He re-iterated that the decision to host the matches was not up to FIFA or regional associations, but to the individual national Football Federations. “Read my lips”, he had said earlier in the meeting, `if the local football federation do not think this is a good idea for football development in their country, we will not do it. We believe that where we are successful, football around us is successful. Since 1992 we (the Football league, the FA & the PL) have all grown together”.

At the beginning of the meeting he had said that fundamental to the rationale of the whole proposal was “keeping the PL collective together against substantial threats from the bigger clubs (that they didn’t want to have to play in the League Cup, FAC replays, etcetera, that they wanted to parcel off their own TV rights individually, etcetera)”. Throughout the meeting Mr. Scudamore’s arguments were fundamentally reliant on such spurious linkages and underlying threats that without him and new proposals like this, English football would all fall apart.

Needless to say, we made our total opposition clear and stated our determined intention to keep campaigning against this in whatever ways it would take to defeat it.

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    1 Comment

  1. “We’ve only got 330,000 attending fans – we have to weigh that in the balance against other stakeholders”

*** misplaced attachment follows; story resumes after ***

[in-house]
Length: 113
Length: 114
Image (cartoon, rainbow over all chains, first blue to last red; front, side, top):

This pretty much confirms for me that the Premier League has lost it. Sport is not a business venture first and an activity second. The sole reason that “football” (in inverted commas, ‘football the construct’ rather than ‘football the game with the ball’) is such a marketable commodity is its fanbase. Football – and they are, as a sport, not alone in this – need to remember that without the supporters, their activity simply would not happen in its current form.

    Still, as the players and owners all get richer – with their big houses and expensive cars and porcelain wives – and are less and less inclined to listen to the man in the stand, I am placated somewhat by the fact that there is a tipping point (I believe, a rapidly approaching tipping point) where the man in the stand will simply take his money somewhere else, and the wanky lifestyles will wither and die. At which point they will all look around at each other and say “how did THAT happen?”

    dotmund

    March 1, 2008